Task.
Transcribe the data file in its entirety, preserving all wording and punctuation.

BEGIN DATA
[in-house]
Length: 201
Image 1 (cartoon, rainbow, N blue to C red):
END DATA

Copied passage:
[in-house]
Length: 201
Image 1 (cartoon, rainbow, N blue to C red):